This post is brought to you by Boba.
As my husband and I start thinking about the possibility of a second baby, I've been doing a lot of thinking about what we did right with our son. While a lot of early parenting is admittedly accidental, there are five particular things I started doing with my kid early on that helped nurture our relationship as well as his growth into a confident, articulate, well adjusted boy. This is my own advice to myself for baby 2 as well as first time moms feeling overwhelmed by long lists of do's and don'ts.
Sing and Dance
This actually started before my son was born. When I was pregnant, there was a song out by Michael Buble that felt like was my song for my baby. I would dance around in the nursery with my belly singing him our song while I did baby prep. After my son was born, I'd dance around with him in the baby wrap. Of course we dance to more songs than just Michael's. Even now, my son loves dancing together. When there is a song on that he likes, he'll beg me to get up and dance with him so he can teach me his dance moves.
Bring Him Along
From early on, K went where I went. I'm not just talking outside of our home. If I was doing laundry, he was doing laundry. This was made possible early on by having a high quality baby wrap. He was snuggled in close to me. I was getting stuff done. As he got stronger, he could look around more and watch me. As he got older and outgrew the wrap, we moved to a heavy duty hiking backpack with a hip belt. Even now that he's outgrown both of those, we does what I do. If I'm working, he'll get out his Batman laptop and "work" along with me. If I'm cooking, he wants to help. Working in the garden? Him, too. Spending time together doing day-to-day things not only gives us a way to connect with each other but teaches him valuable life skills.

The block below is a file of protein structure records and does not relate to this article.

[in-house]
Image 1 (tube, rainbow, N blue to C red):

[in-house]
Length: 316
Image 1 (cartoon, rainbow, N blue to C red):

It can admittedly feel a little weird to talk to your baby - especially when they don't talk back. In addition to English, we incorporated American Sign Language for key words like milk, mommy, daddy, please, more, eat, water, etc. into our daily routine. It is amazingly freeing to have your nine month old tell you he wants milk (in ASL) instead of just crying at you and hoping you guess what he wants. Giving your child skills to communicate in a helpful way will serve them for a lifetime. This, of course, goes beyond sign language. Be intentional with teaching your child how to communicate. It builds their confidence, reduces frustration and helps the two of you enjoy your time together more.
Babies should be snuggled as often as possible. Babies need to be snuggled as often as possible. Develop snuggling routines. From early on, right after a bath, we would wrap K in a towel and snuggle to keep him warm and help him dry. Even now as a big boy, K gets out of the bath, wraps himself in a towel and requests snuggles before getting his jammies on. Snuggle together while reading bedtime stories. Snuggle for 5 minutes first thing in the morning. Your kids won't want to snuggle forever but having that point of physical contact and closeness helps you connect with your kid in a unique way. Incorporate snuggles into your life as long as your children will tolerate it.
Whether you are nursing or bottle feeding your infant, use mealtime as a chance to bond with your kid instead of playing candy crush or watching TV. Establish early on that mealtimes are times to be together and connect. While you may not be able to do it at every mealtime, try to do it at least once a day. Make at least one meal a day a chance to chat and catch up instead of just a necessary thing to get through. Start it as a habit now and continue even as you child becomes old enough to join you at the table.
If you are a mom-to-be, follow my board: Baby-Round 2.
It's full of great articles, ideas, products and more that I'll want to remember for our next child. I know you'll love the things I've pinned.
This is a sponsored conversation written by me on behalf of Boba. The opinions and text are all mine.